“My defense of flogging—whipping, caning, lashing, call it what you will—is meant to be provocative, but only because something extreme is needed to shatter the status quo. We are in denial about the brutality of the uniquely American invention of mass incarceration. In 1970, before the war on drugs and a plethora of get-tough laws increased sentence lengths and the number of nonviolent offenders in prison, 338,000 Americans were incarcerated. There was even hope that prisons would simply fade into the dustbin of history. That didn’t happen.”

    I would distill his thesis as such: Our society’s ignorant view of incarceration as humane allowed the government to adopt a policy of mass incarceration without objection from ordinary citizens. If convicts given the choice between “barbaric” flogging and “civilized” jail time would choose the former, it would show how barbaric the latter truly is. And if ordinary citizens were aware of that, they might reconsider whether a policy of mass incarceration is a good idea in the first place. It’s not about flogging stoners; it’s about illustrating the realities of the modern prison system.

  34. #34 |  MikeZ | 

    My long term opinion on this is that for the majority of the current crimes where flogging would prove to be acceptable to society, shouldn’t be criminalized anyway. Sure the guy caught with some pot would choose the whip over real jail time, but even better is he doesn’t have to choose. For ‘real’ criminals flogging doesn’t seem to be acceptable to society. I might choose to be flogged if someone gave me a million dollars, wouldn’t some thief decide that if the punishment of robbing a bank is only the whip it is worth it? Flogging is real punishment but doesn’t seem to take anything lasting from the victim, so doesn’t seem to work for a lot of crimes.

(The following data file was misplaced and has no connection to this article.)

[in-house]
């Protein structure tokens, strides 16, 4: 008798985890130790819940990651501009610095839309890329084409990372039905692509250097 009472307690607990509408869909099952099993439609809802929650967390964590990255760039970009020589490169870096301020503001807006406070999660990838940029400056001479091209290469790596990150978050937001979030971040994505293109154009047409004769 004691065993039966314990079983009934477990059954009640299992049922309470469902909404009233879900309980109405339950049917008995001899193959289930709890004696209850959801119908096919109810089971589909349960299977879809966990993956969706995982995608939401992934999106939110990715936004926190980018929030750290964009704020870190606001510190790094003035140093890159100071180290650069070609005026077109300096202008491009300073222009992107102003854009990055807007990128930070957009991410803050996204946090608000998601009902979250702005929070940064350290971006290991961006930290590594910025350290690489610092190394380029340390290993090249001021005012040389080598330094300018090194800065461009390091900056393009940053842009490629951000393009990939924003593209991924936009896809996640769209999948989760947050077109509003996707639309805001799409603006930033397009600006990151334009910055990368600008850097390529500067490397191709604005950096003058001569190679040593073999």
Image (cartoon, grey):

Now in the short term, Bringing up flogging does seem to be effective if underhanded argument in helping debate punishment for consensual crimes. It forces those who support sending pot smokers/prostitutes to jail into the position of either advocating whipping people or claiming that whipping people isn’t punishment enough.

  35. #35 |  Mori | 

    The problem with flogging is that it’s too cheap. Prison at least is so expensive that the state can’t afford much more of it. If we normalize flogging, they’ll have a punishment that they can afford to deal out for any little transgression of their whims.

  36. #36 |  JdL | 

    I think the proposal is nonsense. There are two classes of people in our criminal “justice” system:

    . Those guilty of crimes with no victim. They should be freed without any punishment whatever.

    . Those guilty of a genuine crime, with a victim. They should be neither incarcerated (unless clearly unfit to live in society) nor flogged; instead they should be charged with making restitution to their victim(s).

    Flogging people brutalizes them, as does incarceration. You might consider reading the columns of Glen Allport on strike-the-root dot com for a deeper understanding of this vital subject.

  37. #37 |  DarkEFang | 

    I should probably point out that when it was in regular use as a punishment, it was not uncommon for people to die during a flogging.

  38. #38 |  Rick | 

    A little off topic…but I see no mention whatsoever of how many of those prisoners are illegal Mexicans. I think that gorges the numbers substantially. Build the freaking fence, pull the troops from Germany, Afghanistan, and Iraq, and put them on our Southern border. Do an Eisenhower roundup on all illegals, and lastly…stop that stupid War on Drugs. Problem solved.

  39. #39 |  Irving Washington | 

    And when you win your appeal because of a Brady violation, the Supreme Court can reverse your conviction and unflog you.

  40. #40 |  Danny |